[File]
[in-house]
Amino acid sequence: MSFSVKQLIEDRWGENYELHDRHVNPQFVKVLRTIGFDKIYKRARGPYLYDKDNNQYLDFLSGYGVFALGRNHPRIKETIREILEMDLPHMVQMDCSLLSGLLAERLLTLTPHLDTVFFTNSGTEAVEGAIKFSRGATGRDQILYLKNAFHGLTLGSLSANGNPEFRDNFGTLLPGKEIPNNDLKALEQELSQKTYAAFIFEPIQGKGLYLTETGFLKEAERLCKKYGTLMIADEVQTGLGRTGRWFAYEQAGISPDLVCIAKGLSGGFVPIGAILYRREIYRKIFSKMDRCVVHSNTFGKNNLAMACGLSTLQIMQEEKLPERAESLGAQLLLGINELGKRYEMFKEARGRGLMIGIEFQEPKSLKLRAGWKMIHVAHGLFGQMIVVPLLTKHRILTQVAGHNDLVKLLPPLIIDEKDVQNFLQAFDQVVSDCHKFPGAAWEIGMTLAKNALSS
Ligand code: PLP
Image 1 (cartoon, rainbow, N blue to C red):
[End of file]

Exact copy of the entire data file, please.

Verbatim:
[in-house]
Amino acid sequence: MSFSVKQLIEDRWGENYELHDRHVNPQFVKVLRTIGFDKIYKRARGPYLYDKDNNQYLDFLSGYGVFALGRNHPRIKETIREILEMDLPHMVQMDCSLLSGLLAERLLTLTPHLDTVFFTNSGTEAVEGAIKFSRGATGRDQILYLKNAFHGLTLGSLSANGNPEFRDNFGTLLPGKEIPNNDLKALEQELSQKTYAAFIFEPIQGKGLYLTETGFLKEAERLCKKYGTLMIADEVQTGLGRTGRWFAYEQAGISPDLVCIAKGLSGGFVPIGAILYRREIYRKIFSKMDRCVVHSNTFGKNNLAMACGLSTLQIMQEEKLPERAESLGAQLLLGINELGKRYEMFKEARGRGLMIGIEFQEPKSLKLRAGWKMIHVAHGLFGQMIVVPLLTKHRILTQVAGHNDLVKLLPPLIIDEKDVQNFLQAFDQVVSDCHKFPGAAWEIGMTLAKNALSS
Ligand code: PLP
Image 1 (cartoon, rainbow, N blue to C red):